Review - The Roommade by Rosie Danan - I get ugly-emotional in this one

title: The Roommate
author: Rosie Danan
pages: 336
format: eARC
buy it: Amazon | B&N | Goodreads

Bottom Line Up Front

Clara Wheaton is an uptight socialite from Connecticut who has lived such a deliberately, carefully perfect life that she realizes she's got nothing real holding her in place. In a bid to change, she takes an offer to move across the country and live with her long-time childhood crush, with the aim of making him fall in love with her. However, on the day she arrives, Everett announces he's going on tour with his band and leaving her alone with some random roommate he found on craigslist.

Clara determines she's going to just head home, this Josh Darling guy be damned, but before she knows it she's got a job at her aunt's PR firm and a budding friendship with her roomie and decides to stick around. Then she finds out Josh is a porn star. A porn star who's currently not performing because he's in a contract dispute with his production company. One series of shenanigans and UST-filled nights later, Josh and Clara embark on a plan to open a female-focused porn site and see if they can't rock the adult entertainment industry a little.

I have PROBLEMS with this book that all stem from me not being the target audience* (probably) (I think) so here's some good stuff up front before I start complaining: Josh is a sweetheart, the slice-of-life stuff is really cute, and the sex is hot. It's well written on a technical level, and a few bits made me laugh out loud in spite of myself. All around it's a pretty easy read that definitely fits in the category of 'light rom-com.'

*As near as I can tell, the audience for this book is women who like the idea of porn but haven't spent any significant amount of time watching it. more than the idea of porn. *shrug emoji*

The Boring Complaints

  • I feel like Clara and Josh had a really good start-of-a-relationship going, but they jumped from giddy-new-crush straight into declarations of love in a way I didn't find believable. I'm not sure why; maybe it was because the slice of life stuff was so enjoyable in a light-and-cute way that the jump to anything heavier without a proper transition was jarring.
  • Too much stuff happened off-page that should have happened on-page. A major plot point in the climax of the book involved a Big Bad that had, until that point, only been kind of shady with their business practices but not illegal. Then, BAM, a lawsuit happens. Also it happens off-page. What...did they do wrong? I fully believe an entity like that could have, but like, maybe tell me about it?? Also jarring.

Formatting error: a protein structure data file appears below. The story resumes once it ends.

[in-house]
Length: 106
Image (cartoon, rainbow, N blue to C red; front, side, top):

• Josh's various complaints about the Big Bad and the porn industry in general are only alluded to. The only thing that gets spelled out on page are regarding a poor contract he signed and how much he wants out of it for financial reasons, and everything else just got hints. But then the finances end up not mattering and the hints...uh, I complain about after the content warnings.
  • The company they start is...kind of boring. Also there's an overall attitude of "we invented feminine-focused porn, go us!" which made me roll my eyes so hard. Go check out Feminist Porn Guide or Ersties and also make sure to always pay for your porn, y'all!
  • There were too many things going on, with Clara and Josh starting this new company, and Clara working on some DA's reelection PR, and Josh's contract woes, and both of them having family hang-ups, and Josh's ex being a major character...but the only thing that had any real weight to it was the main couple's UST. Everything else felt kind of thrown in there and most of the work was put in off-page. When it came together at the end, felt a little too convenient.

The Content Warnings

  • THIS BOOK IS FINE and my content warnings apply to my review only. There is one scene where Josh gets pretty verbally pushy and short with Clara's boundaries, but outside of that, I can think of no trigger warnings for the book itself. (Unless you think the existence of porn itself needs a warning, in which case kindly fuck right off.)